Junta finally got wide release when Elektra Records distributed a massive two CD, two-hour release in late 1992, three and a half years after the original cassette. The newer version included three bonus tracks – “Sanity”, “Icculus”, and the twenty-five minute “Union Federal” – along with a longer version of “Contact”. In 2012, a vinyl version of the original eleven song version of Junta was released, which in a way completed this classic album’s journey to the appropriate medium.
Part of Classic Rock Review’s celebration of 1989 albums.
Short of careers cut short by tragedy, there are very few times in rock history where a band or artist finished with their greatest work. Abbey Road, the eleventh and final studio album by The Beatles, is one such occasion. Released in October of 1969, This album marks the last true collaboration all four Beatles in the studio with producer George Martin (Let It Be was released in April of 1970, weeks before the Beatles broke up, it was mostly recorded prior to any Abbey Road recording sessions). This final effort with their classic producer and at the studio they would make famous, Abbey Road would go on to tremendous popularity and critical success and become our of the Year for 1969.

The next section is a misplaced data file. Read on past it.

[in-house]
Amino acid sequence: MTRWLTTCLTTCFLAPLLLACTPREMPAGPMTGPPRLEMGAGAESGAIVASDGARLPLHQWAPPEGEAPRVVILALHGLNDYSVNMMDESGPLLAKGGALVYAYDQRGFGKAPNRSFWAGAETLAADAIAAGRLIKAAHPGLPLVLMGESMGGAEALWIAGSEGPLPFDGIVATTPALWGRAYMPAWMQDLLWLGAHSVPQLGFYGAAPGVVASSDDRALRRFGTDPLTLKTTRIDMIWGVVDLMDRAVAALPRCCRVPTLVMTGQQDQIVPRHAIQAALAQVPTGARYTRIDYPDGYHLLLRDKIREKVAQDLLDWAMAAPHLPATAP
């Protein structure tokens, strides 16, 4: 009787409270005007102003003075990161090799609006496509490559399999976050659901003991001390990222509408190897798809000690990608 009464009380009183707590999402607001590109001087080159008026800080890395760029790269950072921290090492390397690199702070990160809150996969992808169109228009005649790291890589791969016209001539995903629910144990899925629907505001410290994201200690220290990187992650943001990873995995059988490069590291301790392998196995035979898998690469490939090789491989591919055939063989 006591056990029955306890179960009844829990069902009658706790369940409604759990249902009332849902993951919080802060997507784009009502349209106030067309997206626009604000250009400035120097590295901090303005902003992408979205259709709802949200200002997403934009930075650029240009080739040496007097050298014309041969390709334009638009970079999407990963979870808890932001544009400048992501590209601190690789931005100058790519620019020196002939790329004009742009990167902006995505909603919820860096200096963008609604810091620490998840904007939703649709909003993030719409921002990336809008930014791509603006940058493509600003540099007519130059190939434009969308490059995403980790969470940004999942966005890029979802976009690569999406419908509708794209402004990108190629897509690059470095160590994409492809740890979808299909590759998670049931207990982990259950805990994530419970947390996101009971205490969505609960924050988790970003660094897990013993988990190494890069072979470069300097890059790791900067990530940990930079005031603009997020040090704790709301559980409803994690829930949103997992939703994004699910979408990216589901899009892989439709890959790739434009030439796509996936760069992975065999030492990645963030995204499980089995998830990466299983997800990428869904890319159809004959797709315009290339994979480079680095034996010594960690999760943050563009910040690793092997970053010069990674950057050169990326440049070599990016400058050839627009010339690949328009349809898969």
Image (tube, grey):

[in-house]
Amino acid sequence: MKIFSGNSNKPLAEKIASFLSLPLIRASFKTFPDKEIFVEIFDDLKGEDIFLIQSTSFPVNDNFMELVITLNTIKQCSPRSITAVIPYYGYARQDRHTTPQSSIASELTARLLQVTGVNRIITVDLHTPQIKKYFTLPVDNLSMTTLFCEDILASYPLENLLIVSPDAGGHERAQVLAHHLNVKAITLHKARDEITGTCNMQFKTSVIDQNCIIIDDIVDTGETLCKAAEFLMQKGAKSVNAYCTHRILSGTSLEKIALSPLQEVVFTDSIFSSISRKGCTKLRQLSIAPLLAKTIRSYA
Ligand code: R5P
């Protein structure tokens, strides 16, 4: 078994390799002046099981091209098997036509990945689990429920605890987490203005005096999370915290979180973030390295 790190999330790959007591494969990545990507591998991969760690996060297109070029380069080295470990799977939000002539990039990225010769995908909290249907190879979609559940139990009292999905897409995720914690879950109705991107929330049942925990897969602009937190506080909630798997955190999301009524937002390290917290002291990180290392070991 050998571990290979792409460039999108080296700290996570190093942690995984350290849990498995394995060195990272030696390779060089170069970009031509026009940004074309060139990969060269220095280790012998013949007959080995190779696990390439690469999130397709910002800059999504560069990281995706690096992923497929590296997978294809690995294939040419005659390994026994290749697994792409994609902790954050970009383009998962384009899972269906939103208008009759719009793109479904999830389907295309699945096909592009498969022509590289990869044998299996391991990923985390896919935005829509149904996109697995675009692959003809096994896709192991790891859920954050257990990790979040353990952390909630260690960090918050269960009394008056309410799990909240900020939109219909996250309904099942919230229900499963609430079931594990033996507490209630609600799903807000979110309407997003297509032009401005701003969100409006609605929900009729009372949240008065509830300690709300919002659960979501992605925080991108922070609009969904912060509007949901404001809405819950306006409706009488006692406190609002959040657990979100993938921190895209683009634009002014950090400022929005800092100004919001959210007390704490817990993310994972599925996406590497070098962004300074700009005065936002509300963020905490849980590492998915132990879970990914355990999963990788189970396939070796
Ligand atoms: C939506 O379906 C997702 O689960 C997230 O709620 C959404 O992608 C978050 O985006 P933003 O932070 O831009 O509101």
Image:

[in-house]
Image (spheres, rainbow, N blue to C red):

It is no secret that the Beatles were going through internal turmoil later in their career. Having lost the glue that held them together, manager Brian Epstein just two years earlier, the band had been going through personal and financial struggles. The strained business relationship was complicated by the addition of John Lennon‘s new love interest, Yoko Ono, who was a constant presence in their recording sessions. During a break in recording in March 1969, Lennon and Ono were married and when Lennon returned from his honeymoon, he approached Paul McCartney with a song he had written about the occasions called “The Ballad of John and Yoko”. The song was immediately recorded without George Harrison or Ringo Starr, who were both away from London when Lennon had his sudden inspiration. With McCartney on piano, bass, and drums, and Lennon on vocals and guitars, “The Ballad of John and Yoko” became the Beatles’ 17th and final UK number one single, all done without half the group members knowledge or consent. But such was the case for the Beatles in 1969.